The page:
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Sunday, February 29, 2004 - Page updated at 12:00 A.M.

Alvino Rey, 95, led band as guitar whiz

By Dennis McLellan
Los Angeles Times

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Bandleader Alvino Rey, 95, a guitar virtuoso whose big band-era orchestra is best known for its No. 1 hit "Deep in the Heart of Texas" and a string of novelty tunes, has died.

Mr. Rey, who also was influential in the development of early electric guitars and the pedal steel guitar, died Tuesday of complications of pneumonia and congestive heart failure at a rehabilitation center in Draper, Utah, said his son, Jon. His father had lived in nearby Sandy since 1979.

The Alvino Rey Orchestra, formed in New York in 1939, featured the Four King Sisters, including Luise, whom he had married in 1937.

In 1942, the orchestra scored its biggest hit with "Deep in the Heart of Texas." Mr. Rey's band also had a half-dozen other Top 10 hits in the 1940s, including the novelty tunes "Strip Polka" (1942), "Cement Mixer (Put-Ti Put-Ti)" (1946) and "I'm Looking Over a Four-Leaf Clover" (1948).

On those, he used his trademark style of pedal steel guitar-playing that mimicked a human voice singing the lyrics.

"In terms of popularity, that's definitely his niche — doing novelty sounds," Dan Del Fiorentino, curator of the Museum of Making Music, said Friday.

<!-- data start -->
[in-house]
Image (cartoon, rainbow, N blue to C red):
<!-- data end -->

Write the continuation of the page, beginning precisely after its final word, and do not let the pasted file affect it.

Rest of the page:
Born Alvin McBurney in Oakland, Calif., in 1908, Mr. Rey moved to Cleveland with his family in his early teens and began playing the banjo. By 16, he had formed his own band. By 20, he was in New York playing banjo for the Phil Spitalny Orchestra.

He loved to tinker. In 1927, Del Fiorentino said, "Rey took the needle mechanism from his mother's Victrola and put it in his banjo to increase the volume. In 1934, the Gibson Guitar Co. hired Rey to help work on its guitar pickup based on that same idea."

Guitar historian Lynn Wheelwright told the Deseret News in Salt Lake City in 1999 that Mr. Rey "is really the unsung hero of innovating the electric guitar."

But, Wheelwright said, Mr. Rey's contribution to the development of the pedal steel guitar was even more significant.

Mr. Rey started tinkering with Hawaiian, or "lap," steel guitars, which were popular with big bands, by adding a pedal or two to the instrument to get shifts in the tuning. That, he said, led to research-and-development work with Gibson that evolved into the pedal steel guitar that is widely used in country music.

"Gibson sent Alvino the first pedal steel guitar the company built," said Wheelwright.

In 1929, Mr. Rey had cashed in on a Latin music craze by changing his name to Alvino Rey: Alvino is the Spanish version of Alvin and Rey is Spanish for "king."

Mr. Rey is survived by his sons Jon and Robert, and daughter Liza Butler.

Copyright © 2004 The Seattle Times Company

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